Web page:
Boris Fishman

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Dreamboat

NB: RIP AirbnbMagazine, which commissioned this essay for a group feature on… I forget now, in 2020, right before folding. (But they paid for it! Honorable, that.) Little did they know how good the pandemic would be for the business; they coulda kept going. But that’s another story.

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The Law of Wisdom (Wasted) posits that two young men backpacking through Europe for the first time will spend 5% of their time in cathedrals and the rest in less high-minded pursuits. In the summer of 2000, for my friend Kiro and me, that meant tall steins of beer, gluttonous meals, and too many 4AM bedtimes – not to mention hard-working conversations with women who couldn’t understand a single word we were saying. (Let no one say technology hasn’t bettered the world.) But eventually, traveler’s luck graces even the hapless. On a cross-Italy crawler from Naples to Bari, two young women not only chose the same compartment we had. They spoke English.

Kiro and I were busy figuring out something clever to say to our new travel companions when we learned that traveler’s luck is made to turn: They were belatedly joined by their parents. I let out a rather loud sigh. “If the way to a man’s heart is through his stomach,” Kiro whispered, quoting at least one of our grandmothers, “maybe the way to a woman’s is through her parents?”

Even though the countries in which Kiro and I had been born – the former Yugoslavia in his case, the former Soviet Union in mine – were European more in imagination than in reality, our home cultures had taught us to do something far more common in Europe than in America: Speak to people of a different generation for a long time.

We learned that our fellow travelers were Americans, off to Greece to show the ancestral homeland to their daughters (whom I’ll call Victoria and Sophia). They learned that we were taking the long way from suburban New Jersey to Kiro’s cousin’s wedding in Skopje, the capital of Macedonia (now North Macedonia). We told them about slurping mussels in Paris and they told us about eavesdropping on all the balcony grandmas in Naples. By the time we reached Bari, the six of us were talking over each other. We were regretful to arrive, but there was a reprieve: We were all taking the same night ferry from Bari to Athens.

But how to get to the port from Bari Centrale? Here, no one spoke English. Eager to impress, I surged forth before anyone else had a chance to solve the problem. My family had passed through Italy as political refugees a decade before, and I’d managed to soak up half the language in three months. I hadn’t used it since, but if there was a time to rise to a more daring version of oneself, this was it. Dov’è la stazione maritima?! I demanded of a passerby, sneaking a glance to check just how impressed Victoria was. Dov’è la stazione maritima?! Where is the maritime station? Where is the maritime station? (I should have tried to be even more literal: It’s Dov’è il porto?) My interlocutor must have understood me to be foreign, or perhaps merely troubled, for the finger he stuck out indicated that the port was right in front of me, where the water was shimmering. I avoided looking at my fellow travelers, who pretended to be very grateful.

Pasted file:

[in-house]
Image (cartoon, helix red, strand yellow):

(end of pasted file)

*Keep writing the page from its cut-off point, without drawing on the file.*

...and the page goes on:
Perhaps because they’d found us to be sufficiently chivalrous or just exceptionally tiresome, Victoria and Sophia’s parents drifted away soon after we reached the ferry, leaving the next generation to survey the Adriatic as a velvet night fell over a star-salted sky. As someone who was having a hard time with his immigrant parents, I asked Victoria what it was like to travel with hers, and listened with envy as she said that, for the most part, she really liked it. But her enthusiasm was so effortless that my envy passed into something like aspiration – a brief fantasy that I could pull off the same with mine. Sentiments like that fly more easily when you don’t have to live up to them, but if that liberation isn’t the point of travel, I don’t know what is. Just as travel, with its occasional difficulties, sometimes redeems itself not when you’re taking photos in places that already have hashtags, but during what is essentially a slow commute from one place to another.

We were talking about being stuck between cultures, and how meaningful it was to travel to Europe, certainly the closest thing I had to a home continent, when we were interrupted by a thunderous sound. It took us a moment to understand that the ferry discotheque was now in operation. The dance floor was the size of a postage stamp, but the DJ was devoted (to Euro-trance), and we squeezed. Victoria was gracious enough to say nothing about the muscle shirt I wore to the dance floor. I remember drinking, though not eating: There may have been money only for one. A Serbian “businessman” tried to cut into our dance knot with offers of “free drinks,” but Kiro and I deployed that chivalry that Victoria and Sophia’s parents had so admired and boxed him out. Eventually, it became clear that no one was going to sleep.

After a while, Victoria and I wandered upstairs to the deck – empty – where we kissed. That was fun, but no more than just sitting in an alcove behind the bridge, enclosed in each other’s embrace, the night air hitting our faces, the world feeling like ours. And then it was dawn, right over our shoulders, Piraeus looming up ahead. This was the end of our lucky synchrony – Victoria’s family was going to look at the Parthenon, and Kiro and I were going to Paros. Victoria and I were about to exchange contact information, but then had the same thought. No kind of “keeping in touch” in America could measure up to talking about fears and dreams at 4AM on a rusty ferry in international waters. So we didn’t.

Published
February 5, 2022